Though Glacial Dropstones are a phenonema found all around the world, Kentucky is one of several states especially good for finding them - this is partially because it has a high quotient of roadcuts through mountains that remain largely untouched since their creation. (For this same reason, Kentucky's a great place for fossil-hunting, too. I've gathered many a trilobite from the rocky roadcuts at the side of Kentucky highways.)
What are dropstones? They're rocks - ranging from boulders to pebbles - that occupy an anomalous place in the geologic record. A few are the results of volcanic eruption, but the vast majority of them got there because they were carried there by glaciers in prehistory. These dropstones occur all over the planet, indicating that the entire world was once encased in ice.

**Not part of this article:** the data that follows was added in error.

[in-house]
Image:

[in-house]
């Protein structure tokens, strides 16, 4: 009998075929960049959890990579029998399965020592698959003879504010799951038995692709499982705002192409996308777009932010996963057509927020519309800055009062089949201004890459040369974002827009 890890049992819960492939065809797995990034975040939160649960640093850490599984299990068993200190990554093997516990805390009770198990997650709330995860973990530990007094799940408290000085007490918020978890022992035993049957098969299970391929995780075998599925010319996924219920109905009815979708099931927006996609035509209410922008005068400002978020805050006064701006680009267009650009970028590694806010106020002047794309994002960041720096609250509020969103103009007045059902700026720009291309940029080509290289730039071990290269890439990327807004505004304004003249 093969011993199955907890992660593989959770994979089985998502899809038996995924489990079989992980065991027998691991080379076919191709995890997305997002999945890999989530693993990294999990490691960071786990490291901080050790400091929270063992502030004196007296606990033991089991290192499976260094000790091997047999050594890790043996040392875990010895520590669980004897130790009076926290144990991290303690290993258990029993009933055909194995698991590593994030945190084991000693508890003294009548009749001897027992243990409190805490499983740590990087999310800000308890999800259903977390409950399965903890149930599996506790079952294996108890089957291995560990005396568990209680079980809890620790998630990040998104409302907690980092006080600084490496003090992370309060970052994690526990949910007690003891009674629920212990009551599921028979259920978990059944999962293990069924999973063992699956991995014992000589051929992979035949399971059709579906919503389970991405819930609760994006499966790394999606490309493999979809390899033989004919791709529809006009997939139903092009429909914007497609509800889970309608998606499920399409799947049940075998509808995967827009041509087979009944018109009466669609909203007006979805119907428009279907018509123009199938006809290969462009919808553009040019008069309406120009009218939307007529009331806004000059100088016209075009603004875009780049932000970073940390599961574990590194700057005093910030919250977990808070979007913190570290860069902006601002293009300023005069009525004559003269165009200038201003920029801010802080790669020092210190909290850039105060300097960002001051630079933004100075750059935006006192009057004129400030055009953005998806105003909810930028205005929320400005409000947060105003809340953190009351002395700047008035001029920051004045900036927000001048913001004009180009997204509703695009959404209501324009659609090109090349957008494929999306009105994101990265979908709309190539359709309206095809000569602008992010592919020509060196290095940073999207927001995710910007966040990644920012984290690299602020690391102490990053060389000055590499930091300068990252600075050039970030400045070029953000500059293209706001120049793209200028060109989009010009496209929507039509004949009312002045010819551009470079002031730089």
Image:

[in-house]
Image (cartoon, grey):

According to Frank R. Ettensohn's recent scientific report called Kentucky Dropstones and the Case for Late Devonian Alpine Glaciation in the Appalachian Basin (USA) with Implications for Appalachian Tectonics and Black-Shale Sedimentation:
A nearly three-ton, granitic boulder was found embedded within uppermost parts of the Upper Devonian (Famennian; praesulcata Zone) Cleveland Shale Member of the Ohio Shale in Rowan County, northeastern Kentucky, and most recently, an in-situ boulder was noted from the subsurface Bedford Shale in eastern Kentucky. Other, anomalous, igneous and metamorphic boulders have been found near Cleveland exposures in the area, but none were in situ, prompting previous workers to ascribe their origins to ice-rafting in proposed, Pleistocene proglacial lakes, accompanying glaciation to the north. The in-situ nature of the new find, dated age of the boulder lithology (470 Ma), as well as compositional aspects of this and other likely dropstone boulders, strongly suggest Appalachian origins.